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Social Finance Week: The nuts and bolts of charities and nonprofits running a business

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In 1996, Family Services of Greater Vancouver set up a social enterprise business to provide mentoring and development opportunities for homeless youth in Vancouver. Street Youth Job Action (SYJA) helps youth between the ages of 15 to 24 learn skills that prepare them for the workforce. Community partners hire SYJA youth to perform services like street garbage and graffiti removal, needle sweeps and other odd jobs. This project is self-funded by the revenue earned through its community contracts.

Derek Gent of Vancity Community Foundation notes that the SYJA program has been successful because the organization “took their time, brought on strong management and learned to clearly define where the business activities end and the service delivery or support for marginalized individuals fits in.”

In fact, as Gent notes, “A broad range of nonprofits have found interesting opportunities starting, expanding, or collaborating with others in earned income strategies with businesses.” Such a business can diversify a charity or nonprofit’s income stream and can also be a different and even more effective way for an organization to accomplish its mission.

However, just as there are exciting opportunities, there are also hazards to an organization getting involved in a business. Gent says, “It’s a constant balancing act to keep the needs of the business (and customers) met while not deferring from the mission and purpose of the organization. When they are closely connected, it can work very well and represent a sustainable model for achieving impact.”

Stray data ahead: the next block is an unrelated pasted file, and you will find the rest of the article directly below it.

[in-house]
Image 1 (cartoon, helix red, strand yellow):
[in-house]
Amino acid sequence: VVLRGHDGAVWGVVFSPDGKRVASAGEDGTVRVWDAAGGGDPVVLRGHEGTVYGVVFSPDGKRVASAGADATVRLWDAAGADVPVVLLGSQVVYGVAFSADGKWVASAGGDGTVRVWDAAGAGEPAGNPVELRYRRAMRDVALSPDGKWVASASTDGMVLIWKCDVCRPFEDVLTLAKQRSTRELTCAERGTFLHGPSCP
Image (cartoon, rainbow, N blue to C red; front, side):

Also, just as there are distinctions between a nonprofit (organization without charitable status) and a charitable organization when it comes to social enterprise investing, so the two types of organizations have different legal regulations for operating a business.

CharityVillage Live

Replay our CharityVillage LIVE conversation on nonprofits running businesses.

Charity work

A charity can operate what the Canada Revenue Agency (CRA) calls a “related business.” Stacey Corriveau of the BC Centre for Social Enterprise says, “The difference between related and unrelated businesses is a great source of misunderstanding for social enterprise operators. Most believe that they are operating a related business. Many times, they are operating an unrelated business.”